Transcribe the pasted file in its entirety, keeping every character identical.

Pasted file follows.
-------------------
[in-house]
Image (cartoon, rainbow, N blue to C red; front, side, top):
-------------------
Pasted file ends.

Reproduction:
[in-house]
Image (cartoon, rainbow, N blue to C red; front, side, top):